Seeing things from a caregiver’s side and not a patient’s side is also fairly new to me. Also the fact that my parent is the patient and me, the child, is the caregiver, is also a little new, though I suppose this is probably part of why couples have kids, so when they need help being taken care of they can call in a favor that they very much earned. Most of the patients here are between 45 and 65, so most of the caregivers are fairly older ladies with the exception of a 29-year-old guy who I talk with a lot and another older man. I always crack up when they include me when they say “we” or try to include me in their gossip or try to set me up with the dietitian.
In the Bone Marrow Transplant Unit we have our own family room that we all hang out in while waiting to be finished for the day. I am social for at least a little while every day, but I generally end up at one of the other family rooms where no one else is so I can read, watch a movie or just have some quiet. However, when I do finally get time on my own in one of the ICU family rooms, there always seems to be other visitors who come in to talk. We exchange greetings and then before I can get back to reading, I hear that there is a terminally ill family member that they are here to visit and I feel heartless if I got back to reading so I end up talking with them for a bit. Though Acute Myeloid Leukemia (AML) is extremely dangerous and my dad has nearly died twice since we arrived, I forget how easy we really have it. My dad was extremely healthy before he got here so he has handled the treatment slightly better than expected and seems to be able to bounce back from these crazy toxins amazingly fast. We are actually doing so well and we have it much better than lots of people in this very hospital. Since we have been here, I know of 3 people that were sent home so they can be comfortable, as there is nothing more that can be done about their condition. In many cases, if the transplant doesn't take, the cancer comes back with a vengeance.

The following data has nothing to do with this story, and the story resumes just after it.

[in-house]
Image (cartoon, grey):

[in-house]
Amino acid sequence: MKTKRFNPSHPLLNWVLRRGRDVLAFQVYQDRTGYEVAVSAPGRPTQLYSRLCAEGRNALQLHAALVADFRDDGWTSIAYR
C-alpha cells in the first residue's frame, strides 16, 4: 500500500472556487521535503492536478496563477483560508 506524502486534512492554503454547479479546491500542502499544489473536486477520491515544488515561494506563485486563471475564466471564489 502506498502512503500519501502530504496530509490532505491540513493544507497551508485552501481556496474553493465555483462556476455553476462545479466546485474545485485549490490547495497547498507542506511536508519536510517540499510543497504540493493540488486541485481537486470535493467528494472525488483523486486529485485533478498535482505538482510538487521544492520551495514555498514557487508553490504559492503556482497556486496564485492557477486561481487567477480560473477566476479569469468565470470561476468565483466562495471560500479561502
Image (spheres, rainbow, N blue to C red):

I remember talking with my mom while I was recovering from my first Aorta Valve replacement about how we can use our experience to help other parents and patents get through their difficult experiences in the hospital. In fact, while I was in the hospital recovering, my mom told me that the patient next door to me was a 4 year old who was getting an Aorta Valve replacement like did and that he and his parents were a little freaked out. So we went over and talked to them for a while and them seeing me having already gone through it only the day before and them being able to ask us questions was something that really helped them a lot.